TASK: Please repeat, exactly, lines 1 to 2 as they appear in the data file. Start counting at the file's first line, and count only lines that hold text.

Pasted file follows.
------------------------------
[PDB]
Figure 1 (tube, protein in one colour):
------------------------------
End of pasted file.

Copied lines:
[PDB]
Figure 1 (tube, protein in one colour):